In a speech on Tuesday, Netanyahu said the then grand mufti of Jerusalem, Haj Amin al-Husseini, a Palestinian nationalist, convinced Hitler to carry out the Holocaust.
"Hitler didn’t want to exterminate the Jews at the time. He wanted to expel the Jews," Netanyahu told the World Zionist Congress.
"And Haj Amin al-Husseini went to Hitler and said: 'If you expel them, they'll all come here.' 'So what should I do with them?' he asked. He said: 'Burn them.'"
Israeli opposition politicians as well as Palestinian leaders have sharply criticised Netanyahu's comments, while historians say they are inaccurate.
They came amid three weeks of Palestinian unrest and attacks threatening a full-scale uprising.
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The Israeli premier sought to tie his historical reference to current debates over the Al-Aqsa mosque compound in Jerusalem, arguing that the mufti had also falsely claimed at the time that Jews were seeking to destroy it.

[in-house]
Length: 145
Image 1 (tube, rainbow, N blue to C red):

Netanyahu has said in recent in weeks that such Palestinian incitement over the Al-Aqsa compound, which Jews call the Temple Mount, was helping feed the current unrest.
"It is a sad day in history when the leader of the Israeli government hates his neighbour so much so that he is willing to absolve the most notorious war criminal in history, Adolf Hitler, of the murder of six million Jews during the Holocaust," Palestine Liberation Organisation secretary general Saeb Erekat said in a statement.
The leader of the Israeli opposition, Isaac Herzog, said on his Facebook page that "even the son of a historian must be precise when it comes to history," referring to the prime minister's late father, Benzion, who specialised in Jewish history.
The chief historian at Israel's Yad Vashem Holocaust memorial and research centre said Netanyahu's comments were inaccurate.
"Though he had very extreme anti-Jewish positions, it wasn't the mufti who gave Hitler the idea to exterminate the Jews," Dina Porat told AFP.
"The idea far predates their meeting in November 1941. In a speech to the Reichstag on January 30, 1939, Hitler evoked 'an extermination of the Jewish race'," she said.